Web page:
A 2010 report by an education agency Zinch China could better illustrate this issue: 80 percent of Chinese undergraduate students use an agent to file their applications; 70 percent of college application essays are not written by the students, and half of all high school transcripts are falsified.
It is all about money. The more you pay, the more time you save, and the more “comprehensive service” you can get.
John said he paid more than $2,000 to the agency, and was satisfied with the result.
“The agency took care of everything for me, even of visa application, and booking a flight ticket,” said John. “All I need to do was sending money to them regularly, and they would let me know if I was admitted or not.”
But Cathy complained about being over-charged.
“I paid almost $5,000, but got little help with my materials,” said she. “I mean it did save me a lot of time, but I don’t think it’s worth of the money.”
She also added that there are agencies that refuse to provide details for the application status and prevented students from getting access to their applications.
“I heard from some of my friends that some agencies would create an email address for your applications, but they didn’t tell you the password. They only let you know the result, like which university rejects or admits you,” she said. “So you don’t even know what happened in between.”
The industry’s aggressive practices have not escaped the universities’ notice.
“It de-values the degree from the university,” Chávez said. “If everybody comes in with a fake document, then the integrity of the admission process is definitely compromised.”
But Chávez said if Ohio State finds students have fake documents, their acceptances would be revoked. Although he could not disclose how the admissions office discerns counterfeit applications, he did say that Ohio State has various means to determine which students are really good, or which are too good to be true.
“But there are accidents,” Chávez said. “If we find out there are students who are already here but with fraudulent documents, we will revoke the admission and expel the students,” he said. “But for those students we don’t know, what can we do? We don’t know, and we can’t take actions.”
The students who are “over-cared” by agencies often take longer time to adapt to the American class and society. John recalled the loneliness and perplexity when he first arrived with no one to rely on and speak to.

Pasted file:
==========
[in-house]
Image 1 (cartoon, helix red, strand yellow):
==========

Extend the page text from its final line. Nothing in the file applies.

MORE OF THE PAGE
“My English was extremely poor at that time. I sat in the corner of the classroom and had no friends,” he said. “I could not understand what the professor said. When he asked me a question, I was even unable to utter a word. All I could respond was by shaking my head. My classmates thought I was dumb or a fool.”
He said he longed to go back to China. “I missed my family and friends so much, but I couldn’t tell them,” he said. “I couldn’t tell them I was having trouble. They would be worried and disappointed.”
It took him more than six months to adapt.
“I knew I couldn’t be like that anymore,” John said, “Life goes on, and I should be tough. So I encouraged myself to speak to Americans, make friends, and I even marked ‘making my first phone call’ as a milestone.”
Now, after almost four years of living in the States, John’s English has dramatically improved. He was even the leader of an association in the university.
Chávez said the ever-increasing numbers of Chinese students did pose some challenges to the university, including having proper resources on campus to help them.
To better reach and take care of Chinese students, Ohio State has a Global Gateway Office in Shanghai, China, which provides pre-departure orientation for students in that region.
“Chinese culture is different than American culture,” Chávez said. “We need to make sure that our numbers of Chinese students are increasing. We’re addressing their needs and their concerns in regards to eating on campus, having roommates, classes, everything.”